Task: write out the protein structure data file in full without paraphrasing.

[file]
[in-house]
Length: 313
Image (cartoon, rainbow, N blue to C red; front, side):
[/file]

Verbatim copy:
[in-house]
Length: 313
Image (cartoon, rainbow, N blue to C red; front, side):